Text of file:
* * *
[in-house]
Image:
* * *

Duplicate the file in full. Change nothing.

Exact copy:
[in-house]
Image: